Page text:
UK’s Saudi Partners Are Masters of Repression: British Writer

By Kenan Malik

British writer and columnist Kenan Malik has stressed that the persecution of activists in Saudi Arabia and war in Yemen show talk of reform in the kingdom is a charade

Five Saudi activists face possible execution. Their crimes? “Participating in protests”, “chanting slogans hostile to the regime” and “filming protests and publishing on social media”.

The five, including women’s rights campaigner Israa al-Ghomgham, from an Eastern Province. They have spent more than two years in prison. Now the prosecution has demanded their deaths.

Their plight reveals the vacuity of claims that Saudi Arabia is “liberalising”. The death in 2015 of King Abdullah and his replacement by Salman bin Abdulaziz Al Saud has led to much gushing in the west about the new reforming regime and, in particular, about the “vision” of Crown Prince Mohammed bin Salman, heir apparent and driving force behind the “modernisation” moves.

Yes, Salman has allowed women to drive, to run their own businesses and to attend sports events. Cinemas have opened and rock concerts been staged. But the king remains the absolute ruler of a kingdom that practices torture, beheads dissidents and exports a barbarous foreign policy, including prosecuting one of the most brutal wars of modern times in Yemen.

 Over the past year, dozens of activists, clerics, journalists and intellectuals have been detained in what the United Nations, an organization usually wary of criticizing the kingdom, has called a “worrying pattern of widespread and systematic arbitrary arrests and detention”. Few countries execute people at a higher rate. Under the current “reforming” regime, at least 154 people were executed in 2016 and 146 in 2017. Many were for political dissent, which the Saudi authorities rebrand as “terrorism”. A regime that permits women to drive but executes them for speaking out of turn is “reforming” only in a columnist’s fantasy.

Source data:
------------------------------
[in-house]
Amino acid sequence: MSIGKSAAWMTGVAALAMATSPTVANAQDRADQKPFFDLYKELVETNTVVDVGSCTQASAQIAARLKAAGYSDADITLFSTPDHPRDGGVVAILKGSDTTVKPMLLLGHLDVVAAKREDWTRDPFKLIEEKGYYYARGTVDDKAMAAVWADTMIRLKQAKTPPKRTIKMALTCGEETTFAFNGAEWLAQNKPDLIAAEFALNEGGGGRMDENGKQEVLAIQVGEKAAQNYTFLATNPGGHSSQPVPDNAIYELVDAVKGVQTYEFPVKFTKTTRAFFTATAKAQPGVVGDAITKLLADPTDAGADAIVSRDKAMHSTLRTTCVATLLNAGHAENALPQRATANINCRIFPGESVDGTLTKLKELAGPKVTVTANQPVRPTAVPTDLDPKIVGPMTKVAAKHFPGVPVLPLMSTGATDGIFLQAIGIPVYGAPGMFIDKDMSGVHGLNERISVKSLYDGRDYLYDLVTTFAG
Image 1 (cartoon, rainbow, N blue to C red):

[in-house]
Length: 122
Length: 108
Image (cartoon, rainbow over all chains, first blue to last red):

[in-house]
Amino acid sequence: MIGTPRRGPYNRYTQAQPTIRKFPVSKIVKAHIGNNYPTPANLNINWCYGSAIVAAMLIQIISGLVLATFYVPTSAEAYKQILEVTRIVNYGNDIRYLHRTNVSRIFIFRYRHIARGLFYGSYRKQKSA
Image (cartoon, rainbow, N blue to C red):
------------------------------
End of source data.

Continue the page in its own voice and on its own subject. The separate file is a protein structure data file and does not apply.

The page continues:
For all the paeans, what really attracts western commentators and leaders to Saudi Arabia is that the regime’s refusal to countenance any dissent has until now created a relatively stable state that is also pro-western. Precisely because the Saudi royal family is deeply reactionary, it has long been seen as a bulwark against “radicalism”, whether that of the Soviet Union, Iran or local democratic movements.

Last week, in the wake of a Saudi bombing of a school bus in Yemen that left 33 children dead, Jeremy Hunt, the foreign secretary, defended Britain’s relations with Riyadh on the grounds that the two countries were “partners in fighting Islamist extremism” and that the Saudis have helped to stop “bombs going off in the streets of Britain”. In fact, Saudi Arabia bears more responsibility for the rise of terror than any other nation.

From the 1970s onwards, flush with oil money, the Saudis exported across the world Wahhabism, a vicious, austere form of Islam that the Saud clan has used to establish loyalty to its rule after creating Saudi Arabia in 1932. Riyadh has funded myriad madrasas and mosques. It has funded, too, jihadist movements from Afghanistan to Syria. Osama bin Laden was a Saudi. So were most of the 9/11 bombers. A 2009 internal US government memo described Saudi Arabia as “the most significant source of funding to terrorist groups worldwide”. The Saudis have leveraged their knowledge of such groups to win influence with the west.

The viciousness of the Saudi regime is matched only by the cynicism of western leaders. The price is being paid by the children in that school bus and by the five activists facing possible beheading for peaceful protests; by the millions of Yemenis on the verge of starvation and by thousands of Saudis imprisoned, flogged and executed for wanting basic rights. But what’s all that when set against the value of a “friendly” regime?

Source: The Guardian

H.M

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